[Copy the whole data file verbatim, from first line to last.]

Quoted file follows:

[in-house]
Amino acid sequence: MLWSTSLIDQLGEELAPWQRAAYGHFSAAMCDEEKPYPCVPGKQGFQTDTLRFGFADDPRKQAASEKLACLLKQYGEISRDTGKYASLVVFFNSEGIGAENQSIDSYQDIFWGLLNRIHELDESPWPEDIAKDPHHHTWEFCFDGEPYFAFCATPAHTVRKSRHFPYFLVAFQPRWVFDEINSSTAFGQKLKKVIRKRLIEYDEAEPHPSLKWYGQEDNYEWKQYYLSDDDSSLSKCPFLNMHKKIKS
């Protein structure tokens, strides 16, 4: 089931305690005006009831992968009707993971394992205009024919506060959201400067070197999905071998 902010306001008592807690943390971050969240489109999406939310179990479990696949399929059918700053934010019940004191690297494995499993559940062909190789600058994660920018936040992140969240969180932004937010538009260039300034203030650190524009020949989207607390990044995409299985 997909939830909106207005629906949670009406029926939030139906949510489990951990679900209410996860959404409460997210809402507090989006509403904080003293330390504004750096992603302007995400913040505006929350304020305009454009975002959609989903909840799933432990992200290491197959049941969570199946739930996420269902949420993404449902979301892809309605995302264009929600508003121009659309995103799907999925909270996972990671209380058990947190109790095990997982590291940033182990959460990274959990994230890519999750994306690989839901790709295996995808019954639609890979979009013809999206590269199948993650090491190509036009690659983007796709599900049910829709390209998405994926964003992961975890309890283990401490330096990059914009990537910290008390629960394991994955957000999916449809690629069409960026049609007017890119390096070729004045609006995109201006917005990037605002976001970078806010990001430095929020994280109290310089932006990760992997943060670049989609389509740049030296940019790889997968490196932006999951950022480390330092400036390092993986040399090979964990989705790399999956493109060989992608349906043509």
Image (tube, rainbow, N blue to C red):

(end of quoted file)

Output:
[in-house]
Amino acid sequence: MLWSTSLIDQLGEELAPWQRAAYGHFSAAMCDEEKPYPCVPGKQGFQTDTLRFGFADDPRKQAASEKLACLLKQYGEISRDTGKYASLVVFFNSEGIGAENQSIDSYQDIFWGLLNRIHELDESPWPEDIAKDPHHHTWEFCFDGEPYFAFCATPAHTVRKSRHFPYFLVAFQPRWVFDEINSSTAFGQKLKKVIRKRLIEYDEAEPHPSLKWYGQEDNYEWKQYYLSDDDSSLSKCPFLNMHKKIKS
């Protein structure tokens, strides 16, 4: 089931305690005006009831992968009707993971394992205009024919506060959201400067070197999905071998 902010306001008592807690943390971050969240489109999406939310179990479990696949399929059918700053934010019940004191690297494995499993559940062909190789600058994660920018936040992140969240969180932004937010538009260039300034203030650190524009020949989207607390990044995409299985 997909939830909106207005629906949670009406029926939030139906949510489990951990679900209410996860959404409460997210809402507090989006509403904080003293330390504004750096992603302007995400913040505006929350304020305009454009975002959609989903909840799933432990992200290491197959049941969570199946739930996420269902949420993404449902979301892809309605995302264009929600508003121009659309995103799907999925909270996972990671209380058990947190109790095990997982590291940033182990959460990274959990994230890519999750994306690989839901790709295996995808019954639609890979979009013809999206590269199948993650090491190509036009690659983007796709599900049910829709390209998405994926964003992961975890309890283990401490330096990059914009990537910290008390629960394991994955957000999916449809690629069409960026049609007017890119390096070729004045609006995109201006917005990037605002976001970078806010990001430095929020994280109290310089932006990760992997943060670049989609389509740049030296940019790889997968490196932006999951950022480390330092400036390092993986040399090979964990989705790399999956493109060989992608349906043509």
Image (tube, rainbow, N blue to C red):